Experts explain how to avoid dog bites involving children this summer

NOW: Experts explain how to avoid dog bites involving children this summer

ST. JOSEPH COUNTY, Ind. -- You may love your dog, but keep in mind that any dog is capable of biting and hurting a child.

Riley Children's Health Pediatrician Dr. Tara Holloran said that dog bites involving children often involve a family dog or a dog the family knows.

Reading a dog’s body language is critical in preventing dog bites. For a child to avoid a dog bite, Dr. Holloran says people should look for certain warning signs in dogs. 

There can be several different factors contributing to dog bites. For instance, a dog will communicate they are uncomfortable in a situation by moving away or tensing up. If your dog is wagging their tail with it tucked tightly between its legs, that’s also a sign of fear.

“Those are all signs they are not comfortable. And so, if we separate at that point, then we can avoid a bite. It's when we see them happen is when those warning signs kind of aren’t paid attention to," Dr. Holloran said.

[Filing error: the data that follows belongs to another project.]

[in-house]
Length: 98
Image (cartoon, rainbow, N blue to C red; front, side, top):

Dr. Holloran advises parents to teach children how to interact with dogs safely, saying they should supervise infants and toddlers when they are around any dog and to never leave them alone unsupervised.

“You don’t probably want to be messed with when you’re asleep, or when you’re eating and dogs don’t either. So, we can teach them to respect the dogs and their space and try to not push them into situations they’re not comfortable in,” Dr. Holloran said.

To reduce the chance of anyone getting hurt, experts say to keep the interactions short, don't let your toddler follow or chase a dog, and lastly, have your child use one finger when petting a dog's back.

“That helps them learn to interact with the dog appropriately so there not grabbing because toddlers like to just grab handfuls of fur, grab ears, grab tails and those are all things that dogs don’t enjoy. So, if we can teach them to be gentle with dogs, that can go a long way,” Dr. Holloran said.

There have been 11 dog bite cases in April at Riley Children’s Health, on average that’s two dog bites a week. So far, this year, there have been a total of 34 cases.

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